Avoiding the Resource Curse

Ashby Monk

Oxford Analytica published an article on SWF “role models” for its Daily Brief today. (Full disclosure: I wrote it). The short brief discusses the role SWFs play in resolving the resource curse. It was inspired by a post I did on the ‘best commodity funds in the world’ a few weeks ago. Here is an excerpt that explains how SWFs help states overcome the resource curse:

“In order to counteract the ‘resource curse’, many countries have decided — or have been convinced — to set up commodity funds, which are a form of sovereign wealth fund (SWF). Commodity funds offer countries three important benefits:

1. Stabilisation. Academic research shows that commodity price volatility can impinge on growth in resource rich countries. Fluctuating revenues make implementing fiscal policy extremely difficult, especially over the long term. Therefore, managing the volatility of resource price shocks is crucial if governments are to achieve stable consumption. By putting a portion of revenues above a certain threshold into a SWF, and then drawing on the fund when revenues fall below that threshold, the government can smooth market prices over the long term.

2. Sterilisation. SWFs facilitate foreign exchange operations that limit the adverse consequences of unearned resource windfalls; in conjunction with the central bank, sterilisation limits the negative domestic effects of capital inflows. In short, commodity funds help to prevent ‘Dutch Disease’ — a situation in which, due to a heavy dependence on natural resources, an overvalued currency impedes non-primary exports. In booms, the national currency experiences a real overvaluation that results in the weakening of internationally exposed industries. By setting up a SWF, sponsors hope to manage their competitive position in the global economy.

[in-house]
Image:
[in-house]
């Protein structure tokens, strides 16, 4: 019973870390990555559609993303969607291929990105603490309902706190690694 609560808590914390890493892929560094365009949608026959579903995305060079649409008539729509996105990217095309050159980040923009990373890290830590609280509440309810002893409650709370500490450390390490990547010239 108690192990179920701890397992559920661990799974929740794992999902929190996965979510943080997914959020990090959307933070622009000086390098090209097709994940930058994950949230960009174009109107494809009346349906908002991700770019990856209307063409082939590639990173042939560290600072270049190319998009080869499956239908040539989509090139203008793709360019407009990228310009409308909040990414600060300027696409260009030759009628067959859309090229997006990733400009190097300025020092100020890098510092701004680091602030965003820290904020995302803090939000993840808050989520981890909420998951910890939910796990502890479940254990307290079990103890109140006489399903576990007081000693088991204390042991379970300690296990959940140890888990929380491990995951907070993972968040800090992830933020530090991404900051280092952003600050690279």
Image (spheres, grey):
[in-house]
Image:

3. Savings. US economist Robert Solow famously asked how much of the world’s endowment of natural resources it is fair to consume today and how much governments should be leaving for future generations. He suggests that while current generations have no obligation to save the physical resources (by leaving them untouched), they do have an obligation to leave future generations the embedded productive capacity that these resources represent. This can be transmitted in the form of technological knowledge or financial resources. Commodity funds can address some of these temporal dilemmas associated with resource wealth.

For the reasons above, commodity funds are being established in many countries. More SWFs were created in 2009 than any year previous.”

Anyway, the larger message of the brief (which I encourage you to go read) was how important good governance is in achieving SWFs’ objectives. The act of creating a SWF is not a sufficient condition to overcome the resource curse; these funds have to be structured appropriately.

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This website is a project of Professor Gordon L. Clark and Dr. Ashby Monk of the School of Geography and the Environment at the University of Oxford. Their research on sovereign wealth funds is funded by the Leverhulme Trust and The Rotman International Centre for Pension Management.

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